Lateral phishing makes for dangerous waters, here’s how you can avoid getting caught in the net
As companies and consumers have become more aware of phishing, hackers have refined their techniques and are now launching a more advanced form of attack known as lateral phishing. This technique is highly convincing and, consequently, highly effective.
Hackers are no longer phishing in the dark
Millions of individuals have had their personal information exposed in recent breaches at companies like DoorDash, PCM Inc., and Nordstrom. When email addresses, dates of birth, names, and other sensitive information is left exposed, it fuels cybercriminals with the resources they need to execute successful phishing campaigns. This is because breached personally identifiable information (PII) can be used by cybercriminals to execute highly targeted and convincing attacks that are far more likely to trick their victims.
While the above is true of regular phishing schemes, the point becomes particularly salient when one considers lateral phishing attacks. Like regular phishing, a lateral phishing attack has the goal of gaining access to private information and begins with a user receiving an email that is attempting to extract login credentials or PII. However, the main differentiator between the two attack methods is that lateral phishing is conducted from a compromised email address within an organization. Once a hacker gains access to a legitimate email account, whether it belongs to a CEO or an intern, the hacker can then use it to target individuals within the company.
Lateral phishing techniques are highly effective. When hackers impersonate someone that the recipient knows and trusts, said recipient tends to lower her or his guard, making it more likely that sensitive information will be surrendered.
While many individuals have the misconception that phishing emails are easy to identify because they will always contain broken English or come from a stranger, advanced lateral phishing attacks come directly from a known sender’s email account, and attackers have become far more sophisticated in crafting convincing email messages. Unfortunately, these attacks may breach PII as well as confidential company information, placing individuals and organizations alike at risk.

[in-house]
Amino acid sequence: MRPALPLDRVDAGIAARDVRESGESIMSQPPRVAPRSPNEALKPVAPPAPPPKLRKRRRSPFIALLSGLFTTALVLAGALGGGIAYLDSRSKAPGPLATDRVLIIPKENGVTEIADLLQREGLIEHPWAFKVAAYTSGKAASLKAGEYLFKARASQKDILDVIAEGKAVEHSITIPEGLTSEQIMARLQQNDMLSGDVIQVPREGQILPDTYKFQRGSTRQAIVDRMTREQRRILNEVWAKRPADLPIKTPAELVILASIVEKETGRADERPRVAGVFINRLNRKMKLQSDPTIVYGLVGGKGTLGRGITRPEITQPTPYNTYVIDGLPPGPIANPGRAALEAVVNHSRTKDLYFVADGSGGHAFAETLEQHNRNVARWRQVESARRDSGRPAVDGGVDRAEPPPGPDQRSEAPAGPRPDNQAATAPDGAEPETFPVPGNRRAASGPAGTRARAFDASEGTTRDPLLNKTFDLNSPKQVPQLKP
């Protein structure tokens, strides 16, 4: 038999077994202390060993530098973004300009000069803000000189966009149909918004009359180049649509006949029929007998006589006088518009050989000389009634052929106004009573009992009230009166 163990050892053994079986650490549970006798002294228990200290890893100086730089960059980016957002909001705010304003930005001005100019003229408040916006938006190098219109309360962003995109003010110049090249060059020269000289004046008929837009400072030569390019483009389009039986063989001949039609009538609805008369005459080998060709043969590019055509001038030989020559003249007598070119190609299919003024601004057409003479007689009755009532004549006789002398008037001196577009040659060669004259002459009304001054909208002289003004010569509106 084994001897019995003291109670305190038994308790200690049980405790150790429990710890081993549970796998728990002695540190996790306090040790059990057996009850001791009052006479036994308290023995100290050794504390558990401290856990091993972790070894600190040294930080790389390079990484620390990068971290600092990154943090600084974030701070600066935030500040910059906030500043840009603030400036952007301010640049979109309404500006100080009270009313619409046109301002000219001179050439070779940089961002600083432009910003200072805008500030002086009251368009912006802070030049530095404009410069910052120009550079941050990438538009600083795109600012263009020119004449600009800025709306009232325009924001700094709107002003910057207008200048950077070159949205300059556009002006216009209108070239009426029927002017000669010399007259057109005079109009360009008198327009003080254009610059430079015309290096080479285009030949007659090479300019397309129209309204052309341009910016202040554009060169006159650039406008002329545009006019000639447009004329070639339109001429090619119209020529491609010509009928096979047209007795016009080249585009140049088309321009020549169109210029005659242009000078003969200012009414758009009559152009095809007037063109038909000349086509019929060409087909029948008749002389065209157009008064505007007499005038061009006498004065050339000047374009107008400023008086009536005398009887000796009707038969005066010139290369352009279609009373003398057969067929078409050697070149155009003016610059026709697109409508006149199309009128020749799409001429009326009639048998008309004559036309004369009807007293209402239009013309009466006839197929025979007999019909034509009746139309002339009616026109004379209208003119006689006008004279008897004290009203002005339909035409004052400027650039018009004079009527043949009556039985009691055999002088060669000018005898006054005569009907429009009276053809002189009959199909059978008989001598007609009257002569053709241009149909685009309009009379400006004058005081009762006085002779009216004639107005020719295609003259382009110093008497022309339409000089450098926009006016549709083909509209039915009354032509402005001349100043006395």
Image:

How enterprises can put a ban on phishing
Below are strategies that companies can and must implement in order to protect their data and prevent lateral phishing attacks:
1. Utilize email providers whose products have built-in security measures. For example, the ability to proactively flag suspicious emails from outside of an organization’s corporate domains, as well as improved email filtering and malicious URL and attachment detection. While not foolproof, these capabilities can be effective in thwarting the majority of phishing attacks. However, as attackers continuously become more sophisticated and better at crafting malicious emails that are almost indistinguishable from those that are legitimate, more is needed in order to truly protect your organization.
2. Adopt advanced security solutions with capabilities that identify suspicious logins and take action before a breach can occur. These solutions allow organizations to verify users’ identities, detect potential intrusions, and enforce security measures like multi-factor authentication, limiting an attacker’s access to accounts in real time; for example, if an employee’s credentials are used to log in from multiple locations in an impossibly small period of time. This type of functionality is incredibly important, as lateral phishing is aimed at gaining access to legitimate credentials in order to steal sensitive data.
3. Employee education is critical in all cybersecurity matters, and email security is no different. While employee education should not be seen as a replacement for having proper security controls and technologies in place, it should be a part of everyday company culture. Organizations should educate employees about how they can best identify lateral phishing attacks as well as what they should do if they suspect an email they’ve received may be fraudulent – even if it appears to come from a known sender. All employees should know the role that they play in keeping their company’s sensitive information safe, and company culture centered around cybersecurity should flow from the top down.